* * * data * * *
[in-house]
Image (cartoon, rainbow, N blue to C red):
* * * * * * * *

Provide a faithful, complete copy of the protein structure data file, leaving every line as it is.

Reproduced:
[in-house]
Image (cartoon, rainbow, N blue to C red):